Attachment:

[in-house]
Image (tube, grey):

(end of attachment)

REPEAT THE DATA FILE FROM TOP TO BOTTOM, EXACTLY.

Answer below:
[in-house]
Image (tube, grey):